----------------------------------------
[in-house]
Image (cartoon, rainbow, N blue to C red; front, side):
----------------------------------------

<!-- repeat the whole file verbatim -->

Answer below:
[in-house]
Image (cartoon, rainbow, N blue to C red; front, side):